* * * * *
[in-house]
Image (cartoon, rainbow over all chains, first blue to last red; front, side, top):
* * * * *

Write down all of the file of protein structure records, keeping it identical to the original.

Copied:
[in-house]
Image (cartoon, rainbow over all chains, first blue to last red; front, side, top):